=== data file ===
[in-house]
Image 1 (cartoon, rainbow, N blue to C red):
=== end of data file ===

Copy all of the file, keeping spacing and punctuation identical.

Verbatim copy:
[in-house]
Image 1 (cartoon, rainbow, N blue to C red):